By Alfred Hayes
LET others strive for wealth or praise
Who care to win;
I count myself full blest, if He,
Who made my study fair to see,
Grant me but length of quiet days
To muse therein.
Its walls, with peach and cherry clad,
From yonder wold
Unbosomed, seem as if thereon
September sunbeams ever shone;
They make the air look warm and glad
When winds are cold.
Around its door a clematis
Her arms doth tie;
Through leafy lattices I view
Its endless corridors of blue
Curtained with clouds; its ceiling is
The marbled sky.
A verdant carpet smoothly laid
Doth oft invite
My silent steps; thereon the sun
With silver thread of dew hath spun
Devices rare—the warp of shade,
The weft of light.
Here dwell my chosen books, whose leaves
With healing breath
The ache of discontent assuage,
And speak from each illumined page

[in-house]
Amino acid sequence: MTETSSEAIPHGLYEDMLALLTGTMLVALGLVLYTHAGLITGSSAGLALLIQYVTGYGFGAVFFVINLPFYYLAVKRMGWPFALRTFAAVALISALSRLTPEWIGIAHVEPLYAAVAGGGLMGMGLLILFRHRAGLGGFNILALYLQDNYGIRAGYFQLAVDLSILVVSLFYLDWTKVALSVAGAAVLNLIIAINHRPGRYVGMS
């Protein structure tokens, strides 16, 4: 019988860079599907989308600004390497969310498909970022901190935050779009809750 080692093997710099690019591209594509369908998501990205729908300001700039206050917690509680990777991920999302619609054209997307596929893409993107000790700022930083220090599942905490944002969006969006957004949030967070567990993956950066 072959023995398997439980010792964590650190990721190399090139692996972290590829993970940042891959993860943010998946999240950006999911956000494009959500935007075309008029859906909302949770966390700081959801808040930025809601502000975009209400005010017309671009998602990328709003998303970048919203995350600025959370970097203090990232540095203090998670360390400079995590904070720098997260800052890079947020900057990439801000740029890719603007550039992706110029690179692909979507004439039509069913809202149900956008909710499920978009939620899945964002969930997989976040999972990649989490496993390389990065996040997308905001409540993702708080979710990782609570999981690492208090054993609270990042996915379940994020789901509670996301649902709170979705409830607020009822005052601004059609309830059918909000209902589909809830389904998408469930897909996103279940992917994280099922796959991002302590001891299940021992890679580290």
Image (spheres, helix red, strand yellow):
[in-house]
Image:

The patience that my soul reprieves
From inward death;
Some perish with a season's wind,
And some endure;
One robes itself in snow, and one
In raiment of the rising sun
Bordered with gold; in all I find
As on my grassy couch I lie,
From hedge and tree
Musicians pipe; or if the heat
Subdue the birds, one crooneth sweet
Whose labour is a lullaby—
The slumbrous bee.
The sun my work doth overlook
With searching light;
The serious moon, the flickering star,
My midnight lamp and candle are;
A soul unhardened is the book
Wherein I write.
There labouring, my heart is eased
Of every care;
Yet often wonderstruck I stand,
With earnest gaze but idle hand,
Abashed—for God Himself is pleased
To labour there.
Ashamed my faultful task to spell,
I watch how grows
The Master's perfect colour-scheme
Of sunset, or His simpler dream
Of moonlight, or that miracle
We name a rose.
Dear Earth, one thought alone doth grieve—
The tender dread
Of parting from thee; as a child,
Who painted while his father smiled,
Then watched him paint, is loth to leave
And go to bed.